The debate on school safety will take center-stage Monday in the Florida Senate as members prepare to vote on the measure that would harden school facilities, improve mental health services in schools and strengthen gun laws in an effort to prevent another mass shooting that killed 17 students and teachers in Parkland nearly three weeks ago.
Monday’s debate and vote on the Senate proposal follows a rare Saturday sitting of the chamber in which senators spent close to eight hours taking up amendments to the school safety measure (SB 7026).
“If anything has come out of that tragedy, it is the realization that we have not done enough to this point comprehensively to have mechanisms in place … to prevent this from occurring,” said Sen. Bill Galvano, R-Bradenton, on Saturday. Galvano has taken the lead in the Senate on the school safety issue.
Most of the amendments–nearly four dozen of them–taken up this weekend were filed by Democrats and most failed. Among those defeated were bans on assault weapons and large-capacity magazines, the creation of a gun registry and allowing local governments to pass tougher gun laws.
Also rejected was a proposal to remove the so-called “school marshall program,” which would allow local school districts and sheriffs offices to work together to train school teachers and staff to carry concealed weapons during school hours. School personnel who would chose to participate would have to be deputized.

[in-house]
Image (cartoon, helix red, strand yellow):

The House has a similar version of the marshall program in its school safety legislation. Both legislative proposals could put lawmakers at odds with Gov. Rick Scott, who has opposed the idea of arming teachers. Scott would rather see the state place more school resource officers on school campuses to keep students safe.
The Senate bill, which has been called the Marjory Stoneman Douglas High School Public Safety Act, would also impose a three-day waiting period for all firearm purchases, raise the minimum age for purchasing a rifle or shotgun from 18 to 21, and ban the sale of bump stocks.
It would also provide funding for mental health issues. There have been questions raised about how law enforcement and school officials missed several warning signs that should have raised red flags about the mental health of the 19-year-old gunman in the Parkland shooting, Nikolas Cruz.
The $400 million package would provide funding for mobile crisis teams working under the authority of the Department of Children and Families, as well as mental health assistance and mental health first aid training for schools.
The bill would also allow law enforcement to seize firearms of anyone being held under the state’s Baker Act. Authorities could hold those firearms for up to 24 hours and longer if they obtain a court order.
The Senate is expected to pass its school safety bill Monday with the House taking up its plan on Wednesday with the plan of getting a bill to the governor’s desk by Friday, the scheduled closing day of the legislative session.